No-interest loans are small loans that are offered by banks or lenders under the No Interest Loan Scheme (NILS) to get yourself in order in case you’re struggling to make ends meet. It’s ideal for individuals or families on low incomes who need to access safe, fair and affordable credit.

Check the NILS resource for more information on how you can apply.

You can typically borrow up to $1,500 to pay for essential goods and services. Loan terms are usually between 12 to 18 months, and there are no credit checks, no interest, and no fees or charges.

The Australian Government’s Moneysmart resource on no-interest loans is a useful resource to get you started with more information on this particular type of loan.

What sorts of things could I pay for with a no-interest loan?

If you’re having a hard time making ends meet, no-interest loans could help you cover paying for things like:

  • household items and expenses like a new fridge, a washing machine, a computer or other furniture or appliance;
  • educational materials or schoolbooks;
  • some medical or dental services; and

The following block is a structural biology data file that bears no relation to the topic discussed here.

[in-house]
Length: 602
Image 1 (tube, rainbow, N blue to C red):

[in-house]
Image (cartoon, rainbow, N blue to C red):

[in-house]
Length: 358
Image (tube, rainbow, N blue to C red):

• car repairs and new tyres.

How do I qualify for a no-interest loan?

Moneysmart explains what you need to do to qualify for a no-interest loan:

  • have a Health Care Card, a Pensioner Concession Card, or be receiving an income less than $45,000 each year after tax;
  • have lived at your current address for more than three months; and
  • show that you can repay the loan.

What about the Household Relief Loan?

There’s now also a Household Relief Loan that you could apply for if you’ve been negatively financially impacted by COVID-19.

These loans are offered up to amounts of $3,000, have no interest fees, and are typically repaid over a 24-month period. This sort of loan is offered to help people pay for rent, utilities, and household expenses.

To see if you’re eligible, check out the Household Relief Loan resource.

Ready to compare?

If you’re ready to compare low interest personal loans, you can start here online with iSelect*. See the range of providers and simply click on an option that suits you to begin your application.